Bishop Affirms Importance of Catholic-Jewish Relations

WASHINGTON (CNS) — The chairman of the U.S. Conference of Catholic Bishops’ Committee on Ecumenical and Interreligious Affairs agreed with the Vatican spokesman that derogatory comments about Jews by the head of the traditionalist Society of St. Pius X were “unacceptable” in a letter to members of the U.S.C.C.B. Catholic-Jewish dialogues.

Auxiliary Bishop Denis J. Madden of Baltimore said in his letter of 15 January that comments by Bishop Bernard Fellay, superior general of the society, who called Jews “the enemies of the church,” were contrary to church teaching.

“I wish to assure you as both colleagues and friends that the Holy See and the U.S.C.C.B. find the statements of Bishop Fellay both false and deeply regrettable. His remarks are not only prejudiced, but also hurtful. Comments that cause pain to our Jewish partners are painful to us as well,” Bishop Madden wrote.

Bishop Fellay’s comments were posted on YouTube on 30 December. They were made during a nearly two-hour talk on 28 December at Our Lady of Mount Carmel Academy in New Hamburg, Ontario.

Bishop Fellay said that Jewish leaders’ support of the Second Vatican Council “shows that Vatican II is their thing, not the church’s.”

The Society of St. Pius X has rejected the Catholic Church reforms that emerged from Vatican II, including the document “Nostra Aetate,” which described Christians and Jews as having a common heritage and a profound spiritual bond and denounced any form of contempt of the Jews.

In his letter, Bishop Madden cited comments by Jesuit Father Federico Lombardi, the Vatican spokesman, who said, “It is absolutely unacceptable, impossible to define Jews as enemies of the church.” Bishop Madden also pointed to the work of Blessed John Paul II and Pope Benedict XVI to extend the teachings of “Nostra Aetate” throughout the Catholic Church and to condemn anti- Semitism.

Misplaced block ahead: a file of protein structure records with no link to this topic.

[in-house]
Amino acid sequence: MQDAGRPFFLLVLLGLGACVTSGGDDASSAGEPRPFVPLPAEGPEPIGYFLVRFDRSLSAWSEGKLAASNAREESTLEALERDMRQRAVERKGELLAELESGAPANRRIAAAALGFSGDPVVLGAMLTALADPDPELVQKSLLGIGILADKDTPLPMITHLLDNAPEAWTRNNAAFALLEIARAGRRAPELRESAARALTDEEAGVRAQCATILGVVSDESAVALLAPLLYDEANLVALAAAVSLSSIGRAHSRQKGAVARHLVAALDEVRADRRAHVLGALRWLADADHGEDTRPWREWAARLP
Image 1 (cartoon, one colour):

Bishop Madden also expressed gratitude for recent statements from Jewish agencies and individuals that reaffirmed Catholic statements renouncing centuries old attitudes of anti-Judaism. “The Catholic Church deeply values the friendship of the Jewish people and looks forward to the day when bias against them is eliminated everywhere,” Bishop Madden wrote.

He concluded by thanking the dialogue partners for their ongoing commitment to continue discussions and broaden understanding.

The society’s U.S. district published a press release on its website on 5 January saying Bishop Fellay’s characterization of “enemies” was “a religious concept and refers to any group or religious sect which opposes the mission of the Catholic Church and her efforts to fulfill it: the salvation of souls.

“By referring to the Jews, Bishop Fellay’s comment was aimed at the leaders of Jewish organizations, and not the Jewish people,” the statements aid, adding that any accusations of the society being anti-Semitic were false and an example of “hate speech made in an attempt to silence its message.”

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